Her pieces can be didactic, but are balanced with a healthy dose of humor. On stage McDonald has seemingly boundless energy that keeps her audience on its toes.

“That kind of element of surprise allows you perhaps as an audience member to shift the way you were thinking about something, it allows you to go along with Anne because she’s knocked you off balance a little bit,” says Boise State theater professor Leslie Durham.

She taught Anne, and has watched her evolve since then. The professor says the young artist’s business savvy makes her unique. Durham says McDonald’s offering something different to Boise.

Credit Kate Grosswiler / for Boise State Public Radio
for Boise State Public Radio

"She combines things in really intriguing ways," Durham says. "So Boiseans will be lucky if she stays here for a while, but I think she could certainly succeed very well in a much larger market in a different part of the country if that’s where her ambitions take her.”

In a couple of weeks, McDonald will be headed across the country for some special training. She and her partner Dan Costello -- a Boise musician -- won a grant from the Idaho Commission on the Arts. They’re using the money to go study a classic Italian style of comedic acting in New York City.

She’s also landed a gig to perform at the New York School of Burlesque, and McDonald says she’s planning on taking what she learns this summer and incorporating it into a project she’ll debut in the fall.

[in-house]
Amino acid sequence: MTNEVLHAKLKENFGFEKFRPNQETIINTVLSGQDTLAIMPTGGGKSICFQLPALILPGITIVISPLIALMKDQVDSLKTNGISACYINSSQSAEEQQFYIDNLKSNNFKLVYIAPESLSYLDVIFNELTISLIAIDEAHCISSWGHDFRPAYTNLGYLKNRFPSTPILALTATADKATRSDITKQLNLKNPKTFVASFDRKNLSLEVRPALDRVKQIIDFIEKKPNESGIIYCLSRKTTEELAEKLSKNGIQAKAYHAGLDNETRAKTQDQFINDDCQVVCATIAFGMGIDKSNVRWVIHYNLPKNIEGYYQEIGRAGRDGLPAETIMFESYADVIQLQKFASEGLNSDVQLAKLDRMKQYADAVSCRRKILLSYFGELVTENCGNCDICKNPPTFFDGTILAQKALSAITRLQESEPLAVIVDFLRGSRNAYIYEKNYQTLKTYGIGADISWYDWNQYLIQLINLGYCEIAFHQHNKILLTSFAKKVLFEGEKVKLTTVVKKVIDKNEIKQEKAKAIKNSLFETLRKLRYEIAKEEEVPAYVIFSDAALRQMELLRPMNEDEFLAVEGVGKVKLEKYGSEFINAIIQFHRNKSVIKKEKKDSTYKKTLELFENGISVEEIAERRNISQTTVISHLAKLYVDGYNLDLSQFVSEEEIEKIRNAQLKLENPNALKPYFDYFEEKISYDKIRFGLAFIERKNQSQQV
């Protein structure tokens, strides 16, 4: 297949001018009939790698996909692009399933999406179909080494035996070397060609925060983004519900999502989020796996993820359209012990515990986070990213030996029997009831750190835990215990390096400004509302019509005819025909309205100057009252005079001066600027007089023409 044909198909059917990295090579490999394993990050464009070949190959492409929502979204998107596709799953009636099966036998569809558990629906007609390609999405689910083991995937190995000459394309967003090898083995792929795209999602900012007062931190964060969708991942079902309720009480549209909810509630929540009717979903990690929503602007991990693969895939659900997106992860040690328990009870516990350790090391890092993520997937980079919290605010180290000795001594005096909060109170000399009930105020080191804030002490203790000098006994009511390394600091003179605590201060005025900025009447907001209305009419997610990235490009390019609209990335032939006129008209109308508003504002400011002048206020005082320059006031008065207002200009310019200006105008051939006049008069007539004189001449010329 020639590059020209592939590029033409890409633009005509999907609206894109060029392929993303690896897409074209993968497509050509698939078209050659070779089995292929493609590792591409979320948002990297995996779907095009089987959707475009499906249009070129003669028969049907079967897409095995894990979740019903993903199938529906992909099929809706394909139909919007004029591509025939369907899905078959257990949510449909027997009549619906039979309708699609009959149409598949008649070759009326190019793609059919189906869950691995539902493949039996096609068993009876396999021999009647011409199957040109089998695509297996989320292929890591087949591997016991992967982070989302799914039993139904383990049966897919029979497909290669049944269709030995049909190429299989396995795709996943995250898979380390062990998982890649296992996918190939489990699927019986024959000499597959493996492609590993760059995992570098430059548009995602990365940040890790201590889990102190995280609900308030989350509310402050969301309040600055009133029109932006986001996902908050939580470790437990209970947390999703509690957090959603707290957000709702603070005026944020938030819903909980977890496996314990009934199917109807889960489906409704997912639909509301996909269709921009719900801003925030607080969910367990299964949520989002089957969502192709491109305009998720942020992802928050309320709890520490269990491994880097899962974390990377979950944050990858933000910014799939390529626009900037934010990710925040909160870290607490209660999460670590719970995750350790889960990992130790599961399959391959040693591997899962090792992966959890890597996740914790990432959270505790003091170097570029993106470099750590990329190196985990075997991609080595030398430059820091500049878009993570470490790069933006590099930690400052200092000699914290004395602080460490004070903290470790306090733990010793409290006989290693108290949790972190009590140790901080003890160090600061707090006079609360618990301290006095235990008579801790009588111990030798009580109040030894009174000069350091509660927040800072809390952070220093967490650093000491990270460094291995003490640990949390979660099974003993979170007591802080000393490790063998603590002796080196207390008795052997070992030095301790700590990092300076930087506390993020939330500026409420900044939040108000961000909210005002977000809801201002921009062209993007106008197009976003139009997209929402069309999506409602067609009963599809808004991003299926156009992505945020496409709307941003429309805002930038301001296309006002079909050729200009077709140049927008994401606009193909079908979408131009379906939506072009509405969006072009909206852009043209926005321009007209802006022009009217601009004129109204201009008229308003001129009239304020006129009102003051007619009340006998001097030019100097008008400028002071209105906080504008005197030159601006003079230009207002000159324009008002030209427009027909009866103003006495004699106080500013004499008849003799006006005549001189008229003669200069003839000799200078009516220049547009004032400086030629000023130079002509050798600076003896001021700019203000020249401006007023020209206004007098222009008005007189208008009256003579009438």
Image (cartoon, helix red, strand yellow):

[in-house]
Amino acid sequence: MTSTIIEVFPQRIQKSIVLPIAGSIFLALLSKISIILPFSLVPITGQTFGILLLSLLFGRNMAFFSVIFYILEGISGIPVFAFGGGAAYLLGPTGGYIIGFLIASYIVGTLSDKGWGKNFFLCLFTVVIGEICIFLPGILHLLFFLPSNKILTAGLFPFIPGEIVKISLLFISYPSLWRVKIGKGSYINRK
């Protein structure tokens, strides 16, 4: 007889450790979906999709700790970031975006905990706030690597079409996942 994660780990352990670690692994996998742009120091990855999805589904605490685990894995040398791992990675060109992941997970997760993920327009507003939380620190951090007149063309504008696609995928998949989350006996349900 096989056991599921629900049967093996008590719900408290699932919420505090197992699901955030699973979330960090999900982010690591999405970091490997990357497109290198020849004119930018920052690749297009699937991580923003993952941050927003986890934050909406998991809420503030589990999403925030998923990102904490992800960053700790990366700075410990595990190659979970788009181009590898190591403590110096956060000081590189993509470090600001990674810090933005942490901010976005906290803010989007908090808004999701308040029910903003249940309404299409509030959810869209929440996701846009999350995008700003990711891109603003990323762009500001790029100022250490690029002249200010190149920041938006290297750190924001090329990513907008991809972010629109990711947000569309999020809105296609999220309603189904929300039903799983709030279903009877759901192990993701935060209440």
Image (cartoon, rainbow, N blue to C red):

Right now, the artist’s performances alone don’t pay the bills. She helps manage a local restaurant to help make ends meet, juggling her many artistic projects on the side.

Despite that struggle, McDonald isn’t planning on leaving Boise anytime soon.

“It’s not completely saturated with performers and artists," McDonald says. "There are a lot here, but people are still excited about it and they want to go see it, whereas in New York or Seattle these things happen all the time.”  

McDonald says in Boise, there’s enough room to experiment in the arts -- and if an act falls flat or she falters -- her audience will still show up to support her at her next show.


Today’s profile is the third in a series we’re calling “Artist Statement.” The Boise City Department of Arts and History is providing funding for this project.

You can also check out more about this project on Tumblr and tweet to @FABarnhill using the hashtag #BoiseArts.

Frankie Barnhill was the Senior Producer of Idaho Matters, Boise State Public Radio's daily show and podcast.